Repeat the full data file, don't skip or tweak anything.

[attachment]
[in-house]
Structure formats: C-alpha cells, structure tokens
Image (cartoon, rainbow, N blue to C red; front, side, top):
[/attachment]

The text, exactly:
[in-house]
Structure formats: C-alpha cells, structure tokens
Image (cartoon, rainbow, N blue to C red; front, side, top):